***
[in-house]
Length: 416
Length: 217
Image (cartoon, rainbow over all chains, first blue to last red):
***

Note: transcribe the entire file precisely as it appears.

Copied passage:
[in-house]
Length: 416
Length: 217
Image (cartoon, rainbow over all chains, first blue to last red):